In the latter half of the 19th Century Frank Lawes, a missionary who had arrived in 1868 and had great influence over the Niueans hoisted the British flag and influenced their King Fataaiki in 1889 to petition Queen Victoria to make the island a British Protectorate. "lest some other nation should come and trouble us". Under Lawes' influence he petitioned again in 1895 for the flag of Great Britain to fly over Niue. Britain formally annexed Niue on 21 April 1900.
Transfer was transferred to New Zealand's rule in 1903 and on 29 September 1903 a separate administration was established, under a Resident Commissioner. The New Zealand flag, designed and adopted for restricted use in 1869, had become the national flag the year before, in 1902. It is the British Blue Ensign, incorporating a stylised representation of the Southern Cross showing the four brightest stars in the constellation. Each star varies slightly in size. The Union Flag in the canton recalls New Zealand's colonial ties to Britain.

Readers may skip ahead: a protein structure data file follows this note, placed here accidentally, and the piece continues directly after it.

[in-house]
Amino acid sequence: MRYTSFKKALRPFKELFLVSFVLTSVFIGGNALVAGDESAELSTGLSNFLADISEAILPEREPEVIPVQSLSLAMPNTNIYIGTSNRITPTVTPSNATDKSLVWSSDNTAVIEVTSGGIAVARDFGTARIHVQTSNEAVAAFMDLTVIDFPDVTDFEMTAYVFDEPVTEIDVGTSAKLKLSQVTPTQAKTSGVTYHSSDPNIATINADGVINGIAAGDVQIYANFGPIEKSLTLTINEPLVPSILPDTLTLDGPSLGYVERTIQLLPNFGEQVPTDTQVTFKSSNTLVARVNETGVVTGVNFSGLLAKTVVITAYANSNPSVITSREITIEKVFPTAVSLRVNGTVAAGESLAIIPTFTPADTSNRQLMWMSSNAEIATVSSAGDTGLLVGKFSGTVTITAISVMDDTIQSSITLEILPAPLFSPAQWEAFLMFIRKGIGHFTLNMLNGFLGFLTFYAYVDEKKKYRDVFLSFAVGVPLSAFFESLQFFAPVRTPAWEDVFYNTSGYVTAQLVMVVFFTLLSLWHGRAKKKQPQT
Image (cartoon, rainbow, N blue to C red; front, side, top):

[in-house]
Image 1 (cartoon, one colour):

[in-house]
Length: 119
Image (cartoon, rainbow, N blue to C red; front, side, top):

In 1974 after a referendum self-government was granted and on 19 October 1974 Niue became internally self-governing in free association with New Zealand. Niue adopted a new seal (still based on the New Zealand Coat of Arms) and the following year a "Yellow Ensign" flag, representing the bright sunshine of Niue and "the warm feelings of the Niuean people towards New Zealand and her people". The Union Flag in the canton recalls that Niue became a British Protectorate in 1900. The four small stars represent the Southern Cross and New Zealand. The larger star on the blue disc symbolises the self-governing status of Niue, "standing alone within the deep blue sea".